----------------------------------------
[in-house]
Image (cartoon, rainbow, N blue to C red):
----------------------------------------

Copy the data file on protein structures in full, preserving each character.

[in-house]
Image (cartoon, rainbow, N blue to C red):